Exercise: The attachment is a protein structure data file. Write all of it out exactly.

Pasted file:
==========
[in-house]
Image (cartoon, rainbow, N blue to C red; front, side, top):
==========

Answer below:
[in-house]
Image (cartoon, rainbow, N blue to C red; front, side, top):